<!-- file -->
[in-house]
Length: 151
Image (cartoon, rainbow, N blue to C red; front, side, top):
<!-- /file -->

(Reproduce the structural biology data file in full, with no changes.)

[in-house]
Length: 151
Image (cartoon, rainbow, N blue to C red; front, side, top):